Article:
The Orioles are making roster moves like they are going out of style. I’ll refrain from discussing Anthony Bemboom today when he could be gone tomorrow. Backup catchers last about as long as a Cartwright girlfriend these days, so let’s focus on some guys that should be here when this article posts.
Baltimore has pieced together a winning record over the last two weeks without Ryan Mountcastle, Cedric Mullins, and James McCann. The Orioles scratched Gunnar Henderson on Sunday with the stomach flu, and they have played nearly the duration of the season without Mychal Givens or Dillon Tate.
Ryan O’Hearn and Aaron Hicks have both lifted the Orioles over this difficult stretch. Both players went deep last night, and Hicks drove in half of Baltimore’s eight runs. Winning teams need unexpected contributions over the course of 162 games, but will either of the pair stick around beyond this season?
Camden Chat’s John Beers wrote yesterday about some uncertainty at first base. Ryan Mountcastle has failed to take a necessary step with plate discipline, and his recent IL trip with vertigo leaves little room for speculation. Mountcastle has quickly become one of the biggest question marks on a team hoping to continue its ascent toward the peak of the AL East.
Ryan O’Hearn has stepped in and emerged as a middle-of-the-order bat capable of sparking the offense on a nightly basis. He entered last night’s game in Tampa with a .349 average and a 1.003 OPS. His exit velocity ranks in the top half of the league, and his ability to play corner outfield in a pinch only increases his value.
The Orioles can maintain control of O’Hearn through next season if he remains in their plans. Baltimore has yet to signal that it would permanently shift Anthony Santander to first base, and the same can be said for Heston Kjerstad. O’Hearn, even with a drop off, would likely still nudge Josh Lester or a lesser outside candidate for an opportunity to battle Mountcastle next spring.
Baltimore inked Hicks to a major league deal when Mullins went down and the former Yankee has exceeded even optimistic expectations. Hicks hit .327 with a .992 OPS over his first 16 games with the Orioles. He has consistently looked capable in center field and has the position locked up until Mullins returns.
The 33-year-old is capable of bringing veteran leadership to the dugout, but that feels less significant this year. He’s here to do a job, and he’s done just that. The Orioles have yet to put a specific timeline on Mullins’ return, but both he and Mountcastle joined Norfolk last night to begin rehab assignments. Even with Mullins on the mend, Hicks appears to have played his way into an extended stay on the roster.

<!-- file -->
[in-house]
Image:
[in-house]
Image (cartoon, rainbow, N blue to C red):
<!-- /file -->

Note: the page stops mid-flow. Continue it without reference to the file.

Speculating on Hicks and O’Hearn are two completely different ball games. Hicks has demonstrated an ability to perform in this league—he slashed .266/.372/.475 with New York in 2017—before significantly losing his touch. Some players struggle in the spotlight, and the lights get pretty bright at Yankee Stadium.
Hicks fits a change-of-scenery mold, while O’Hearn has capitalized on the shift ban. O’Hearn continues to spray the ball to the right side, but plenty of balls are reaching right field. The shift isn’t coming back anytime soon, so O’Hearn picked the right time to catch on with the Birds.
The Orioles recalled O’Hearn before Mountcastle’s injury and they will keep him when Mountcastle returns. Lester should face the chopping block when Mountcastle recovers, but it’s less clear in the outfield. Would Baltimore stick with Hicks over Ryan McKenna? McKenna still has an option remaining.
Of course, Hicks faces the added competition of a looming Colton Cowser. The Orioles have not hustled to promote prospects—just ask Jordan Westburg—with big leaguers performing at an adequate level. Cowser, the Orioles second highest prospect, should make his debut at some point this season, but that date remains a mystery.
There’s definitely a world where both Hicks and O’Hearn last the remained of the season with the Orioles, but is it this world? Baltimore’s positional flexibility removes the need for a certain number of outfielders or first baseman on the roster. Mike Elias and Co. may just ride it out with both big leaguers until either gives him a reason to make a move.